Age not everything for MLB closers

Kelvin Herrera and Jim Henderson took very different paths toward the closer role. AP Photo

We're just two weeks into the 2013 season, and yet we already have some closer controversies. In Kansas City, Greg Holland is under the microscope after giving up four runs in his first three innings of work, and in Milwaukee, John Axford is getting knocked around for the second straight year. The situations differ, however, because of the men who are in line to replace them.

For the Royals, 23-year-old flamethrower Kelvin Herrera is the reliever in waiting. Herrera threw 162 three-digit fastballs last season, more than any other pitcher in a season since 2002 other than Aroldis Chapman (also in 2012) and Joel Zumaya, who did it three different times in the previous decade. Herrera has the raw stuff that people tend to associate with elite closers, and so it is little surprise that at the first sign of problems for Holland, the Herrera-as-closer speculation has begun.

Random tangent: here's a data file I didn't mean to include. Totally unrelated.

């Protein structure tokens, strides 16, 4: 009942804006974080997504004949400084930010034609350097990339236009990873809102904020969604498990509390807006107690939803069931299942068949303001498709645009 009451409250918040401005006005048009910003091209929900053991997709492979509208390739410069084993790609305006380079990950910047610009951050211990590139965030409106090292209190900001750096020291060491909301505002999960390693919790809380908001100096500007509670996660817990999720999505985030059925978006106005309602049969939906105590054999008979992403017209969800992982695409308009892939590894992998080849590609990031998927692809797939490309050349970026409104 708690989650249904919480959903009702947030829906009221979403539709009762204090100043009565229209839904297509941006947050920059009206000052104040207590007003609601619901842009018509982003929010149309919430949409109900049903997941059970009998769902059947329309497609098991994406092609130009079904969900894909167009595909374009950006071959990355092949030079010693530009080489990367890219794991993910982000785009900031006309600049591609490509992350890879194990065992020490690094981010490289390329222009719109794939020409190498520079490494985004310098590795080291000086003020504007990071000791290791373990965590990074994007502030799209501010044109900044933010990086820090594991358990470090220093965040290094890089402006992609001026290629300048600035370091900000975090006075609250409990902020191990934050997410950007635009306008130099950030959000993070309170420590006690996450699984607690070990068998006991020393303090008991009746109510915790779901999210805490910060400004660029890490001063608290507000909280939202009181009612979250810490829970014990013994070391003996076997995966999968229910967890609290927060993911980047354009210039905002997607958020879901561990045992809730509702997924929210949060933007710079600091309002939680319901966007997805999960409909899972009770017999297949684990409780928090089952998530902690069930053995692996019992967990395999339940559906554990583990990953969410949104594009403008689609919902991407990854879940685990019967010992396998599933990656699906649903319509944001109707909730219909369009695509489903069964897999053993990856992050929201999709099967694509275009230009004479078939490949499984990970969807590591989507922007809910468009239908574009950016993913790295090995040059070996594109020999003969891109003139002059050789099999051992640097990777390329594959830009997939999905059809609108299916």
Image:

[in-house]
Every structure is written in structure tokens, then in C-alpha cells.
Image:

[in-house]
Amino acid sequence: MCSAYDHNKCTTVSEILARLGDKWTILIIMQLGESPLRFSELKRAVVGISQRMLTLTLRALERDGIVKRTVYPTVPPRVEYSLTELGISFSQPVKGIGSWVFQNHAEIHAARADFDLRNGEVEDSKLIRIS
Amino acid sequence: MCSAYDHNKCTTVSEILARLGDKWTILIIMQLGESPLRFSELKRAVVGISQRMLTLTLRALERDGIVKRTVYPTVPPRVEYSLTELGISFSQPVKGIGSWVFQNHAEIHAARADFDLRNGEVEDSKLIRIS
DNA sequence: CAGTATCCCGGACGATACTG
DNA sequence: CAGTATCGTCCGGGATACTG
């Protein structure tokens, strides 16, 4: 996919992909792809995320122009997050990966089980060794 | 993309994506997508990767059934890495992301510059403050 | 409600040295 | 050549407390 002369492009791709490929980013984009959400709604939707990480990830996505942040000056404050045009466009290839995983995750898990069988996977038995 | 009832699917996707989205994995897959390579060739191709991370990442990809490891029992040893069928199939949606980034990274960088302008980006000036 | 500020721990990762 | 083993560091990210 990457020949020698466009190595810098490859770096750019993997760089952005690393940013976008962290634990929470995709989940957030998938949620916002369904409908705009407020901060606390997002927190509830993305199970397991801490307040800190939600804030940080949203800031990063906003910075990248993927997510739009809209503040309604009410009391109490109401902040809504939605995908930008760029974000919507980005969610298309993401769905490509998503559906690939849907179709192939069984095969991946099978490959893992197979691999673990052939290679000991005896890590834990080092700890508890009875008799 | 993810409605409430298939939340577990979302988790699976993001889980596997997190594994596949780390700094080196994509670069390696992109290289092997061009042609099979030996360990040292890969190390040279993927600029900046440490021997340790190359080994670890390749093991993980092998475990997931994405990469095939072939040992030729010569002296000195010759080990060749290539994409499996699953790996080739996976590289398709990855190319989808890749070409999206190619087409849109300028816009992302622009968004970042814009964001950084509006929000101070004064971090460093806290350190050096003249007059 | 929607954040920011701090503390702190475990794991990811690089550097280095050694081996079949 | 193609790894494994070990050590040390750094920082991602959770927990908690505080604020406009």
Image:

The Brewers, on the other hand, are looking to Jim Henderson, a career minor leaguer who made his major league debut in 2012 at age 30 and had limited success in his brief time in the role a season ago.

The difference in age (and pedigree) of the two pitchers got me wondering about how much a closer's age at debut is predictive of success. I ran the numbers, and the results give us a good sense of how successful Herrera and Henderson will (or won't) be.